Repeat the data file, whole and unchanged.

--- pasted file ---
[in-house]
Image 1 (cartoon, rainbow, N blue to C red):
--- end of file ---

[in-house]
Image 1 (cartoon, rainbow, N blue to C red):